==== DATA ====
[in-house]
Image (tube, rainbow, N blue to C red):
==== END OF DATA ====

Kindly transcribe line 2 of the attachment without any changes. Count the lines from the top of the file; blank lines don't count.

Image (tube, rainbow, N blue to C red):